Hi everyone! I’m Ellie Silverman, a reporter on the Inquirer’s breaking news team. We’re revamping our nightly coronavirus newsletter to give you a deeper look at how the COVID-19 pandemic is impacting your lives. We’ll have the stats for you on the number of cases in the region, the latest news about testing, medical breakthroughs, and government orders, and a few stories that will take your mind off of the outbreak.
TL;DR: Gov. Tom Wolf wants you to stay home if you live in one of seven Pennsylvania counties. I’ll tell you what that means and whom it impacts. He also announced statewide school closures that (for now) last into April. In medical developments, the race to find a vaccine is moving quickly but still seems to be more than a year away. And, in major international news, the 2020 Olympics in Tokyo are looking like they’ll be postponed.
📈There have been hundreds of reported coronavirus cases in the Philadelphia region. Track the spread here.
🏠 Pennsylvania Gov. Tom Wolf ordered people to stay at home if they live in Philadelphia, Allegheny, Bucks, Chester, Delaware, Monroe, or Montgomery Counties.
🎒Wolf also announced all Pennsylvania K-12 schools will remain closed at least through April 6. New Jersey schools are closed indefinitely.
🗳️ Pennsylvania is poised to move the state’s primary election from April 28 to June 2.
🏅A member of the International Olympic Committee says the the 2020 Tokyo Olympics are expected to be postponed due to the new coronavirus pandemic.
As of Monday afternoon, here’s how many cases have been confirmed in the Philadelphia area:
The counties hardest hit by the spread of the new coronavirus will soon be facing more severe restrictions. Gov. Tom Wolf’s stay-at-home order requires you to stay inside, unless you need to make an essential trip, like going to the grocery store or seeking medical help.
The order, which goes into effect at 8 p.m. and last two weeks, applies to Philadelphia, Bucks, Chester, Delaware, and Montgomery Counties in the southeast, Monroe County in the northeast, and Allegheny County in Western Pennsylvania.
“Before we can recover, Wolf said Monday, “we must survive.”
Scientists are racing to develop a vaccine for the new coronavirus, but even at their most rapid pace, the end result could be a year and a half away.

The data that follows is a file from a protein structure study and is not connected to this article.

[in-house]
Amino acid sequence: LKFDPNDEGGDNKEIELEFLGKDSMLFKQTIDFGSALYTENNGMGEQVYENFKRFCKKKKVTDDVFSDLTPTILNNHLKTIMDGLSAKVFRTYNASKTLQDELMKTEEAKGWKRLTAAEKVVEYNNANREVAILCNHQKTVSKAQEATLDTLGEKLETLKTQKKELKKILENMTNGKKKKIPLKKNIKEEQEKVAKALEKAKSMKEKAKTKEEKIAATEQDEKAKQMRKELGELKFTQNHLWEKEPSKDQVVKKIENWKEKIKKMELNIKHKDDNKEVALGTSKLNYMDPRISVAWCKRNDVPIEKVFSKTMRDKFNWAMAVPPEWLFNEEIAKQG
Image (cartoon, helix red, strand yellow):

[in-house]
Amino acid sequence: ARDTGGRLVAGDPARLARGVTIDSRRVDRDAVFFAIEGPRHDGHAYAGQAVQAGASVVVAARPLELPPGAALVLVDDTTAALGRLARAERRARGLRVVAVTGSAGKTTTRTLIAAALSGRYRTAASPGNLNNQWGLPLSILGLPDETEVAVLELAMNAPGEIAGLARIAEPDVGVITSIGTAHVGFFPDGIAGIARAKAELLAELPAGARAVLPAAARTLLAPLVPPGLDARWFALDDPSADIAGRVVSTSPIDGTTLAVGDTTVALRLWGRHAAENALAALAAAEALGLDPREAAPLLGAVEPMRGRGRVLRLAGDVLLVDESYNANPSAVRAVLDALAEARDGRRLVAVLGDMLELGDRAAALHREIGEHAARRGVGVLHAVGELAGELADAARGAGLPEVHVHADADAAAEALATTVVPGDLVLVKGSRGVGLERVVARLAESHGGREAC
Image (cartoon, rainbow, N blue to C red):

Though this may seem like an extremely long time to all of us who are not scientists, my colleague Tom Avril reports that 18 months would actually be the fastest development of a vaccine yet. It usually takes years, even decades, to design a vaccine, prove that it’s safe and that it works and, create a manufacturing facility to mass produce the vaccine.
And a vaccine isn’t the only thing the medical community is racing for. An intensive care doctor wrote for The Inquirer about desperately needing more vital medical technology such as ventilators. Also, the families of Philadelphia’s health-care workers are facing painful choices and anxiety as their relatives become the first responders to the outbreak.
🐶Thanks to you, more homeless animals are being saved around Philly than ever.
🏒 Who runs the Flyers? These women are behind Gritty’s voice and the Rage Room.
🥊 We asked people to watch the same movie this weekend, Rocky, and talk about why they loved it, or in some cases didn’t. Here’s what they said.
Going on a walk or getting some exercise is allowed under the stay-at-home order. Our architecture columnist Inga Saffron writes about the importance of parks and how they can be a place where “we can demonstrate our social connectedness only by coming together in the same place — at least six feet apart.”
Have a social distancing tip or question to share? Let us know at email@example.com and your input might be featured in a future edition of this newsletter.
If you’re a senior citizen, immunocompromised, or have an underlying medical condition, you may not feel safe to leave your home to get groceries. Eighteen-year-old Jasleen Gill wants to help.
“We should practice social distancing, but now is also the time to come out and help," Gill said. “We as the younger generation have to take care of the older generation."